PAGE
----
There are mare's tails in the sky, cirrus uncinus,
and the quinces are ready.
They are particularly fine this year. Free from blemishes and smooth-skinned. The finest specimens are, alas, out of reach. Too high even for my super duper fruit picking device which you can see in action here. To be honest though, there are more than enough.
Yesterday I cooked a few of my quinces. First I washed off the fluff using a brush to get into the creases at the flower end of the fruits. Then I peeled them whole before quartering and coring. Taking the core out is very hard work, cookbooks often advise halving the fruit and scooping out the core. I find this impossible. It is easier to remove the core if you quarter them first. Even so I still managed to stab myself in the hand. The quince is not user-friendly.
You can see in the picture below how granular the flesh of the quince is. It retains some of this graininess even after cooking which is why my children are not terribly keen on them.
I poached the quince quarters in sugar syrup until soft. Cookbooks will tell you that quinces take a long time to soften turning a beautiful garnet red in the process. This is certainly true of the Turkish quinces I used to buy before I had my tree, but my quinces seem to soften very quickly without becoming red. A bit of a shame really.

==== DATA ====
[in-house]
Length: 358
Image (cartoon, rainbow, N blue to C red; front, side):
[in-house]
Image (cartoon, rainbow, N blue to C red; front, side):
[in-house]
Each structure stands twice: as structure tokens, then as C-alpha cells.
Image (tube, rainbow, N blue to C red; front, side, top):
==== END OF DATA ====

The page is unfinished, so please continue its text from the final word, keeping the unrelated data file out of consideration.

Some of them became so soft I mashed them into a purée which will be lovely with thick yogurt or cream. I ate the whole slices with some of the syrup. Nobody else wanted any...sigh.
It occurred to me later that as we had eaten chilli con carne for supper I had in fact 'dined on mince and slices of quince'. I had no runcible spoon though.